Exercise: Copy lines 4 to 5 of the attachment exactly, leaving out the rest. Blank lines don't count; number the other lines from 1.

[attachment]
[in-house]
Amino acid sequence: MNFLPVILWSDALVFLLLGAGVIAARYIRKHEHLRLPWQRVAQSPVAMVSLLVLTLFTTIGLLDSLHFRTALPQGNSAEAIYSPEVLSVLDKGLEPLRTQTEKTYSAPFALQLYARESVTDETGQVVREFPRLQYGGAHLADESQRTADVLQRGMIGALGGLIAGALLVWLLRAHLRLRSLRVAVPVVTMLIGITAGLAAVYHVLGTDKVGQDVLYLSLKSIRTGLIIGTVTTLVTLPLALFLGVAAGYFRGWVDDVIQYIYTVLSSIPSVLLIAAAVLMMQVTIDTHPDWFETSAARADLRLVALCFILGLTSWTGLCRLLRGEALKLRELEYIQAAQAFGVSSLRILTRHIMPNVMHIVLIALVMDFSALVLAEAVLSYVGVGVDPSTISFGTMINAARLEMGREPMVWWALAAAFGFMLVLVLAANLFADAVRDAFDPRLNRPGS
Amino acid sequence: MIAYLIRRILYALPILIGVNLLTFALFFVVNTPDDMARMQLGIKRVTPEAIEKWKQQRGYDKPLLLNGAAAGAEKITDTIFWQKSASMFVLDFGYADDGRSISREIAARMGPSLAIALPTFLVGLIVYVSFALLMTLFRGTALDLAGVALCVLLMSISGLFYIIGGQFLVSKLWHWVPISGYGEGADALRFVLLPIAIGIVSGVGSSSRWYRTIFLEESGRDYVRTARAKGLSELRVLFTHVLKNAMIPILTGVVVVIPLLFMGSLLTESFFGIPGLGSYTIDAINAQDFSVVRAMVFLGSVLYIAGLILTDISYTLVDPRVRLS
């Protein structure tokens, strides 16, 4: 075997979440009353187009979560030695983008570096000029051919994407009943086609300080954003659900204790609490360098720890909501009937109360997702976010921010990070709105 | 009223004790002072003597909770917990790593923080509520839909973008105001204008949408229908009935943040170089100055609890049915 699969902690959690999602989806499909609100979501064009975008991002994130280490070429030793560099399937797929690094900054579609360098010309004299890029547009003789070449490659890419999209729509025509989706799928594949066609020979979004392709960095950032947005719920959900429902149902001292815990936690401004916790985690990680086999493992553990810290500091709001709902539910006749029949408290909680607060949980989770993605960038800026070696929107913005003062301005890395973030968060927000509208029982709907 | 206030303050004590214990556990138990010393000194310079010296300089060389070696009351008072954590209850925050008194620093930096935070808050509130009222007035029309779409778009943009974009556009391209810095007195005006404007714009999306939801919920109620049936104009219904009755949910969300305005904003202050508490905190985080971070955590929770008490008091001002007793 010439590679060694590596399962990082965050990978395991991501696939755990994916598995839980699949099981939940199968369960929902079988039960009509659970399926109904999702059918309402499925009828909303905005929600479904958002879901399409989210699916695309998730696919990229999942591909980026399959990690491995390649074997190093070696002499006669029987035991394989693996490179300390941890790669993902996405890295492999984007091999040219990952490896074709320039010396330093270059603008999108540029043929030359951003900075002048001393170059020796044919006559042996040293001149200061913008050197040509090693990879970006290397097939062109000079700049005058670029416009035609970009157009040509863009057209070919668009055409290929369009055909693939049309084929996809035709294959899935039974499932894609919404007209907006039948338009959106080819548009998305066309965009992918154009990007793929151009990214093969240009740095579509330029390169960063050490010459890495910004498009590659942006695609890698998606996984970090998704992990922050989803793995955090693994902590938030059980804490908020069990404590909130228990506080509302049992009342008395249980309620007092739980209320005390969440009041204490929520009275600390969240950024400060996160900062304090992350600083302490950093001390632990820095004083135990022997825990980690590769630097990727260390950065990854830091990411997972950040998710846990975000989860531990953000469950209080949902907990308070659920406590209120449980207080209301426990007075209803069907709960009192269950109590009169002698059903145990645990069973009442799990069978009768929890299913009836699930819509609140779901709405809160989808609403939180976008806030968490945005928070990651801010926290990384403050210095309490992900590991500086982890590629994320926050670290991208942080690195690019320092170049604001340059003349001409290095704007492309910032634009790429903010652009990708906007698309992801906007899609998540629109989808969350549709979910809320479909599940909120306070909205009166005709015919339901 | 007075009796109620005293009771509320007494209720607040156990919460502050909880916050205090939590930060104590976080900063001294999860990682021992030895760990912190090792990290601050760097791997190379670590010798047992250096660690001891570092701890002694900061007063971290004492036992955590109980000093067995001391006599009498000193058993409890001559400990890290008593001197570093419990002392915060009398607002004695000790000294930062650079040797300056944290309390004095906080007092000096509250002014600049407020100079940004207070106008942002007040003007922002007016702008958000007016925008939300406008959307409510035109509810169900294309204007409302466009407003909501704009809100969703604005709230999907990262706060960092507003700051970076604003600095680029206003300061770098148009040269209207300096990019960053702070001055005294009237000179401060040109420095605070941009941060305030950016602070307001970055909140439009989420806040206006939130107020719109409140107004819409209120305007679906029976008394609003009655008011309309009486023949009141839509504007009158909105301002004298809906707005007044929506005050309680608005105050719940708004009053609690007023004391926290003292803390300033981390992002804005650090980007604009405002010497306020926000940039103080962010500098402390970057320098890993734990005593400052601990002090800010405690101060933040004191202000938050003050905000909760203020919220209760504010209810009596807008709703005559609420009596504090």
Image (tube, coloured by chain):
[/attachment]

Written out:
């Protein structure tokens, strides 16, 4: 075997979440009353187009979560030695983008570096000029051919994407009943086609300080954003659900204790609490360098720890909501009937109360997702976010921010990070709105 | 009223004790002072003597909770917990790593923080509520839909973008105001204008949408229908009935943040170089100055609890049915 699969902690959690999602989806499909609100979501064009975008991002994130280490070429030793560099399937797929690094900054579609360098010309004299890029547009003789070449490659890419999209729509025509989706799928594949066609020979979004392709960095950032947005719920959900429902149902001292815990936690401004916790985690990680086999493992553990810290500091709001709902539910006749029949408290909680607060949980989770993605960038800026070696929107913005003062301005890395973030968060927000509208029982709907 | 206030303050004590214990556990138990010393000194310079010296300089060389070696009351008072954590209850925050008194620093930096935070808050509130009222007035029309779409778009943009974009556009391209810095007195005006404007714009999306939801919920109620049936104009219904009755949910969300305005904003202050508490905190985080971070955590929770008490008091001002007793 010439590679060694590596399962990082965050990978395991991501696939755990994916598995839980699949099981939940199968369960929902079988039960009509659970399926109904999702059918309402499925009828909303905005929600479904958002879901399409989210699916695309998730696919990229999942591909980026399959990690491995390649074997190093070696002499006669029987035991394989693996490179300390941890790669993902996405890295492999984007091999040219990952490896074709320039010396330093270059603008999108540029043929030359951003900075002048001393170059020796044919006559042996040293001149200061913008050197040509090693990879970006290397097939062109000079700049005058670029416009035609970009157009040509863009057209070919668009055409290929369009055909693939049309084929996809035709294959899935039974499932894609919404007209907006039948338009959106080819548009998305066309965009992918154009990007793929151009990214093969240009740095579509330029390169960063050490010459890495910004498009590659942006695609890698998606996984970090998704992990922050989803793995955090693994902590938030059980804490908020069990404590909130228990506080509302049992009342008395249980309620007092739980209320005390969440009041204490929520009275600390969240950024400060996160900062304090992350600083302490950093001390632990820095004083135990022997825990980690590769630097990727260390950065990854830091990411997972950040998710846990975000989860531990953000469950209080949902907990308070659920406590209120449980207080209301426990007075209803069907709960009192269950109590009169002698059903145990645990069973009442799990069978009768929890299913009836699930819509609140779901709405809160989808609403939180976008806030968490945005928070990651801010926290990384403050210095309490992900590991500086982890590629994320926050670290991208942080690195690019320092170049604001340059003349001409290095704007492309910032634009790429903010652009990708906007698309992801906007899609998540629109989808969350549709979910809320479909599940909120306070909205009166005709015919339901 | 007075009796109620005293009771509320007494209720607040156990919460502050909880916050205090939590930060104590976080900063001294999860990682021992030895760990912190090792990290601050760097791997190379670590010798047992250096660690001891570092701890002694900061007063971290004492036992955590109980000093067995001391006599009498000193058993409890001559400990890290008593001197570093419990002392915060009398607002004695000790000294930062650079040797300056944290309390004095906080007092000096509250002014600049407020100079940004207070106008942002007040003007922002007016702008958000007016925008939300406008959307409510035109509810169900294309204007409302466009407003909501704009809100969703604005709230999907990262706060960092507003700051970076604003600095680029206003300061770098148009040269209207300096990019960053702070001055005294009237000179401060040109420095605070941009941060305030950016602070307001970055909140439009989420806040206006939130107020719109409140107004819409209120305007679906029976008394609003009655008011309309009486023949009141839509504007009158909105301002004298809906707005007044929506005050309680608005105050719940708004009053609690007023004391926290003292803390300033981390992002804005650090980007604009405002010497306020926000940039103080962010500098402390970057320098890993734990005593400052601990002090800010405690101060933040004191202000938050003050905000909760203020919220209760504010209810009596807008709703005559609420009596504090």
Image (tube, coloured by chain):